Paddle – While there may not be a perfect paddle for all situations the general advice for pack rafters is;

For open water or grade 1/2 a longer paddle 210cm-225cm is better than a shorter one 195-210cm. If you are carrying it long distances or paddling long days then lightweight is a bonus. A 4-piece split paddle fits inside most packs, 3-piece and 2-piece splits stick out, which can be challenging when bush bashing

Brendon’s Pick – Werner Powerhouse 197cm

Throwbag – A rescue line that all packrafters should carry on moving water, this should be carried on your body or in a rapidly accessible place on your boat

The length (10-25m) depends on the rivers you are paddling a 12m throwbag might suit the Hutt Gorge but is completely unsuitable for the Buller where a 20m line is more suitable.

Line diameter – there is a disturbing trend with packrafters trying to save weight by getting a thinner line. In order to do its job it needs to have at least a 6mm rated floating line.

Brendon’s pick – HF Weasel 18m

Helmet – An essential bit of gear for moving water environments. There is a wide range of whitewater specific helmets to choose from.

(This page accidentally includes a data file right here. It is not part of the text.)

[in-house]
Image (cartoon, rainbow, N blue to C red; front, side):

Ear protection is perhaps underrated when looking for a paddling helmet, not only do those ear flaps help protect against side impacts, but they help prevent ‘surfers ear’/exestoses, a condition that develops with cold water exposure.

Brendon’s Pick – Sweet Protection – Sweet Rocker

Personal Floatation Device (PFD) – There is no other piece of equipment more important than your PFD. It is there to provide flotation for when you unexpectedly find yourself in rather than on the water. More importantly for white water paddlers, your PFD is a rescue tool. A Rescue PFD creates a harness for others to save you from a challenging white water environment and also allows you to perform a rescue for others whilst dramatically increasing your safety with its releasable rescue belt.

Brendon’s Pick – Kokatat Hustler


Summary of all the current Packraft Manufacturers (Jan 2018)

Shoes – River environments have a special way of destroying footwear.